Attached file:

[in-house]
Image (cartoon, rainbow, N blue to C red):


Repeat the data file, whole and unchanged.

[in-house]
Image (cartoon, rainbow, N blue to C red):